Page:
the first time in ages! And, I got excited!! Every wash session with
Aubrey GPB, the amount of curly strands seem to increase! This past
Saturday, after my haircut, I had a shed hair that was a complete,
collapsed coil and I ran into the living room to show Wei! I told him,
“I know that this seems silly, but I’m so excited because my curls are
back!! It’s a coil!!” 
Now, this isn’t an entirely fair comparison, but I had to show you a pic
of my “curls” (i.e. waves) in February and my curls (i.e. CURLS! *lol*)
now. The reason the comparison isn’t really fair is because I got a
haircut last week to get rid of my henna-loosened ends and my hair is
freshly washed after being straight for 2 weeks in the pic on the left
whereas, in the pic on the right, it is 7 days old and shrunken.
So, what’s my point in all of this? First, I wanted to clarify
the term over-conditioned, because I think that most of us call both
moisturizing and protein-based post-wash treatments “conditioners.”
Therefore, when I say that “over-conditioned” is somewhat of a misnomer,
it is because I think that most of us are really referring to
over-moisturizing the hair and not using too much protein. We tend to
refer to the latter as “protein overload.” Second, we can dip too far to
either side and the key is to give our hair what it needs when it needs
it. Sometimes it’s moisture, sometimes it’s strength/protein. So, how
do you know what your hair needs? It’s all about elasticity.
  • Take a few strands of shed hair and hold one set of ends in the
    fingertips of one hand. Then lightly tug and release the other ends with
    your other fingers.
  • Does your hair stretch and stay there (i.e. it doesn’t shrink back like a spring)? Then you probably need protein.
  • Does your normally curly hair appear limp and curl-less? Then you probably need protein.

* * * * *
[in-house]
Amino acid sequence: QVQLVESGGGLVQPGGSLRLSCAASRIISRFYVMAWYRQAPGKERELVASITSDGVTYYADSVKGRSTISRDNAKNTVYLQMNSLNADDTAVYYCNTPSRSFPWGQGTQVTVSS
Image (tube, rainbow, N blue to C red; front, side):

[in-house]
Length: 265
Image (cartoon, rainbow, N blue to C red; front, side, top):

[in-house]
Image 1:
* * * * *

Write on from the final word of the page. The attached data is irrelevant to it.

• Does your hair snap/break immediately or quickly? Then you probably need moisture.
  • Does your hair stretch, then spring back? Sounds like you have the perfect balance of protein and moisture!
The above is nothing new and you’ve probably
read it before. So, what I hope to add to the conversation is what I
think that I’ve learned.
  • One, the fact that my shed hair no longer had any curl was an
    indicator that something was off. Though a variety of factors can
    contribute to this, over-moisturizing should have been one of the “Usual
  • Second, Aubrey GPB restored the curl that I thought had somehow been
    lost. That says to me that not all proteins are created equal for all
    people. Though my shedding/breakage decreased drastically with the
    ApHogee 2 Minute Reconstructor and the 2 Step Treatment, my shed hair
    still had little to no curl. However, with the introduction of Aubrey
    GPB, my curls are springing back to life and elasticity is returning in
    leaps and bounds.
So, all this to say, if you have avoided
protein and your strands have become limp and lifeless and your curls
have seemed to all but disappear, you may want to try experimenting with
different types of protein. However, remember, just as
“over-moisturizing/conditioning” is a real thing, so is
protein-overload. And, it’s easier to correct over-moisturized hair than
hair with too much protein. So, do your research, proceed with caution
and always listen to your hair!
How do you know when you need moisture or protein? Have you
experimented with protein treatments/conditioners/reconstructors? Which
one(s) have you found work(s) the best for you? 

CN Says:
Funny Shelli should mention GPB.  I went on a PJ run a few days ago and picked up Aveeno’s Conditioner (impressed, especially since the price is right) and Aubrey’s GPB.  I remembered it being super slippery, strengthening yet moisturizing, oh and did I mention super slippery?! It detangles like an Aussie or  Herbal Essence conditioner!  Check out my original review HERE.  
After 3 years, I will most certainly add it back to my regimen… it never left my hair hard or dry like some other protein conditioners, specifically ones containing hydrolized wheat too far up on the list.